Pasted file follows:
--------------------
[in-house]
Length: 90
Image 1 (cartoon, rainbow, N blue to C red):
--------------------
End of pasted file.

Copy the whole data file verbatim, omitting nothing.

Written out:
[in-house]
Length: 90
Image 1 (cartoon, rainbow, N blue to C red):